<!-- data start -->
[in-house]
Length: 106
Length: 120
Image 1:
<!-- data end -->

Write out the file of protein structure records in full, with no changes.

[in-house]
Length: 106
Length: 120
Image 1: